While this post may not contain any intended spoilers, all of your social media definitely will. In an age where everyone wants to be included and at the forefront of information sharing, it makes it difficult to fall even moments behind on any trending topic. With Game of Thrones finally back in action, memes and tweets have incessantly followed suit. The season 8 premiere, the shows final running season, aired Sunday April 14th. With 17.4 million viewers tuning in……and over 5 million tweets on the subject. The website was so flooded by Game of Thrones reactions that the top 10 global trends that night focused around content about the show. This makes it difficult to peruse any type of social media platform without seeing a relatable meme from the episode and chances are at least one person you know tweeted or retweeted something about the show.
This demonstrates the dedicated fanbase, it also creates a sort of cool kids club, with those watching holding something over those who haven’t. While it’s easy to say just discuss the show with whoever you’re watching with or wait until someone you know has also watched the show, we’re human and wanting to blurt out the crazy thing that happened in hopes that one of your followers also watched the show and will either have answers or a shared excitement in what happened. Don’t.
I began Game of Thrones a couple months ago, self-admittedly taking a bit too much time to get hooked, and ended up on season 7 episode 7 at the same time that season 8 premiered for the world. Knowing I was an episode behind, my phone was completely off the table until I was up to date on the episode happenings. For most watchers, keeping off social media is the most fool-proof way to avoid spoilers however this is a big ask with our constant connection to the online world. If this proves tough for you or you’re unable to catch up within hours of a shows release, there are some other solutions to beat unwanted pesky spoilers.
For Game of Thrones specific spoilers, the chrome extension GameofSpoils completely blocks any mention of the shows title or related terminology to keep your browser free of spoilers. It currently works on Facebook, Reddit, Twitter, and Google News for the safety of your viewing pleasure. There is even the option to reveal the hidden posts if you let your curiosity get the better of you and have to know right away, while giving you 3 seconds before revealing if you decide to change your mind last minute. Certain apps for general spoiler avoidance include Tumblr Savior, Open Tweet Filter and Unspoiler do the same things for other shows and topics. Twitter allows you to mute certain words on its own site which could also be a route to take to avoid spoilers.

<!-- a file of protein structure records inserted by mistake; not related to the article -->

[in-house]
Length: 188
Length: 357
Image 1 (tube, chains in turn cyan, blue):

Using these types of programs can assure you won’t find spoilers on social media, but this does not keep you safe from random automated text messages. Spoiled.io created automated service will send a spoiler for $0.99 an episode to any number you input, completely ruining the episode for your desired recipient. This brings spoilers to a new level, completed targeted at specific viewers rather than getting ruined with the comfort of the rest of the internet. Creators of the app say they made it after a woman got back at her ex-boyfriend by spoiling the previous nights episode every week.
Apparently, I’m not the only person worried about spoiling and getting spoiled as a new trend of meme has emerged, spoilers without context. I’ve seen hundreds of these pop-up in light of both the new GoT season and the final Avengers movie. People have begun sharing stock photos or older memes that relate to themes in the episode or movie that do not give things away since they are out of context. To the non-viewer, they just look like a collection of bizarre photos that should have nothing to do with each other but if you’re in on the knowledge they unlock another level of joke. I personally find this to be the best way to defeat spoilers without completely shutting down people from ever tweeting about shows as that’s never going to happen. It adds an air of mystery and intrigue for people who haven’t seen it yet still feeding the meme hungry population that is completely up-to-date.
While this has been mainly about Game of Thrones, I find myself regularly shying away from social media after finale shows such as the Bachelor or my personal favorite, Survivor. There’s even a guy called ‘Reality Steve’ whose job is to get information on most of the highly watched reality shows and release spoilers such as who goes home what week and who the winner is in the end. This is an easier avenue to avoid but still shows how enthralled our society is with knowing things first and constantly having information at our finger tips. No one wants the ending ruined for them and social media has upped the ante on being on top of important pop culture knowledge. We’ve all definitely sideway, half glanced at our screens while scrolling trying to detect right away if something contains a spoiler. With these new programs in place and hopefully friends who care about more than pranks, you’ll be able to scroll happily without spoilers. To some degree at least….
What is your favorite spoiler trick and do you think there’s anyway for social media to work against spoilers, or are we officially ruined in this age of social media sharing?